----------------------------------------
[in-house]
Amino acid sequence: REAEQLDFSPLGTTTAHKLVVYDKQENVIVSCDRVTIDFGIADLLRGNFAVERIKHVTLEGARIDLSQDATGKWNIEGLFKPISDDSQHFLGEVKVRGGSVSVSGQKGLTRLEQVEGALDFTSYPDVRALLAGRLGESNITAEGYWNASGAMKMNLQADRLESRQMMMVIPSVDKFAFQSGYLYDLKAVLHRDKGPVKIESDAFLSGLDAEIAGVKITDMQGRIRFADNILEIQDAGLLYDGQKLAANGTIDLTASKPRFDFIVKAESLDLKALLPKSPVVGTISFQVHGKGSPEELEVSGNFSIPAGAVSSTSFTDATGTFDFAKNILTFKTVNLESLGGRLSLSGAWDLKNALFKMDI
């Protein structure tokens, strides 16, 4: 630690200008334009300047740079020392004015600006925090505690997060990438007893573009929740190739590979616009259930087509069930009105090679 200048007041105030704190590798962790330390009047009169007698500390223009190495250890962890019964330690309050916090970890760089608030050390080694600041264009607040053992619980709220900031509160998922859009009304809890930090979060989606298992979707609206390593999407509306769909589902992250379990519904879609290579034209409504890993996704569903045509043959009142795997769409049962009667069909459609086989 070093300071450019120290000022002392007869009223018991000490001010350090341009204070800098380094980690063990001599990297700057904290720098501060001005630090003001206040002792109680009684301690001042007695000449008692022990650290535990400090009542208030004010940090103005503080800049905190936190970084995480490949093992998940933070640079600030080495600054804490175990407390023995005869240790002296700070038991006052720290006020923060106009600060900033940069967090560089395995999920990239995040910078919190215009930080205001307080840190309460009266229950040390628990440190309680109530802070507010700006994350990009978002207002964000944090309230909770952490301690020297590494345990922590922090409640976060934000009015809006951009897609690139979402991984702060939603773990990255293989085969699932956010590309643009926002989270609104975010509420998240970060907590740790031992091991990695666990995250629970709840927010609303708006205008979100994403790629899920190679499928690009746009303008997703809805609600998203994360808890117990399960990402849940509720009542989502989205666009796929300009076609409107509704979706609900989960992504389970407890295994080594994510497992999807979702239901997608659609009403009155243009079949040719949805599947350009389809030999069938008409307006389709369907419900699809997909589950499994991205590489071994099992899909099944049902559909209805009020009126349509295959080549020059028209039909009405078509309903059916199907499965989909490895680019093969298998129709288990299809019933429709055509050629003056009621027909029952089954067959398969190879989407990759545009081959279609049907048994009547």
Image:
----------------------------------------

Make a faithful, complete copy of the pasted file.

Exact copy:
[in-house]
Amino acid sequence: REAEQLDFSPLGTTTAHKLVVYDKQENVIVSCDRVTIDFGIADLLRGNFAVERIKHVTLEGARIDLSQDATGKWNIEGLFKPISDDSQHFLGEVKVRGGSVSVSGQKGLTRLEQVEGALDFTSYPDVRALLAGRLGESNITAEGYWNASGAMKMNLQADRLESRQMMMVIPSVDKFAFQSGYLYDLKAVLHRDKGPVKIESDAFLSGLDAEIAGVKITDMQGRIRFADNILEIQDAGLLYDGQKLAANGTIDLTASKPRFDFIVKAESLDLKALLPKSPVVGTISFQVHGKGSPEELEVSGNFSIPAGAVSSTSFTDATGTFDFAKNILTFKTVNLESLGGRLSLSGAWDLKNALFKMDI
């Protein structure tokens, strides 16, 4: 630690200008334009300047740079020392004015600006925090505690997060990438007893573009929740190739590979616009259930087509069930009105090679 200048007041105030704190590798962790330390009047009169007698500390223009190495250890962890019964330690309050916090970890760089608030050390080694600041264009607040053992619980709220900031509160998922859009009304809890930090979060989606298992979707609206390593999407509306769909589902992250379990519904879609290579034209409504890993996704569903045509043959009142795997769409049962009667069909459609086989 070093300071450019120290000022002392007869009223018991000490001010350090341009204070800098380094980690063990001599990297700057904290720098501060001005630090003001206040002792109680009684301690001042007695000449008692022990650290535990400090009542208030004010940090103005503080800049905190936190970084995480490949093992998940933070640079600030080495600054804490175990407390023995005869240790002296700070038991006052720290006020923060106009600060900033940069967090560089395995999920990239995040910078919190215009930080205001307080840190309460009266229950040390628990440190309680109530802070507010700006994350990009978002207002964000944090309230909770952490301690020297590494345990922590922090409640976060934000009015809006951009897609690139979402991984702060939603773990990255293989085969699932956010590309643009926002989270609104975010509420998240970060907590740790031992091991990695666990995250629970709840927010609303708006205008979100994403790629899920190679499928690009746009303008997703809805609600998203994360808890117990399960990402849940509720009542989502989205666009796929300009076609409107509704979706609900989960992504389970407890295994080594994510497992999807979702239901997608659609009403009155243009079949040719949805599947350009389809030999069938008409307006389709369907419900699809997909589950499994991205590489071994099992899909099944049902559909209805009020009126349509295959080549020059028209039909009405078509309903059916199907499965989909490895680019093969298998129709288990299809019933429709055509050629003056009621027909029952089954067959398969190879989407990759545009081959279609049907048994009547």
Image: